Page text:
This
was Darwin’s way at laughing at stupid creatures who hadn’t gotten the memo about evolution: Hey, animals. You want to die horribly? Just mess with a shifter. Go on, try. Let’s see how you like having your limbs ripped off. No, no, go ahead: push it. Oh? You’d rather run away like your ass is on fire?

 

Fair enough.

 

For the lion inside Nash, his non-human half, surveying the land and the pursuit of predators was usually more about sport than anything else. He would stand still as a statue, poised, waiting, and when he’d see a form looming in the distance he’d take off like a bolt after it, even on occasion scaring a jackrabbit shitless with his speed as he came at the terrified creature.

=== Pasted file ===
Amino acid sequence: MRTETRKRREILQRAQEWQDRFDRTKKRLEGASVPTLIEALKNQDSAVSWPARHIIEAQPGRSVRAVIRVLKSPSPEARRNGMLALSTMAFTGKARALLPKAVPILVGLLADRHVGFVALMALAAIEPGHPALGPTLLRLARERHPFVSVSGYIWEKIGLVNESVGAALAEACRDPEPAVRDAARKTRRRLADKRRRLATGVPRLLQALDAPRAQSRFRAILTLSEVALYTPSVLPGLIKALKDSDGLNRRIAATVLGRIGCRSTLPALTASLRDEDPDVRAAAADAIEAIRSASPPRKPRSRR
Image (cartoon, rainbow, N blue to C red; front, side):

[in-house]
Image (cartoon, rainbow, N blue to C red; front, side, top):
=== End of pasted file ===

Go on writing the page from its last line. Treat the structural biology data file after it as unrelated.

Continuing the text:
He wasn’t a killer; not unless he
absolutely needed to be. But he was a runner, and incredibly fast for a large lion, even when the snow was piled around him in drifts as it was on these cold January days. He seemed able to tear through it without any resistance, bounding ahead unimpeded.

While patrolling
under the stars on this particular night, he’d seen a coyote in the distance, pacing back and forth in the way that they do and sizing up the land. Only when it had begun to approach the buildings on the ranch which contained the family’s horses and cats had Nash unleashed his lion in all its furious speed. The coyote, trapped in the middle of a large field, froze for a moment when it saw the enormous cat bearing down upon it, before turning and running. But it had no chance; before a second had passed, a large paw had pinned it to the ground and an enormous, growling cat was indicating wordlessly that perhaps the best bet would be to try another ranch next time.

After watching the coyote flee,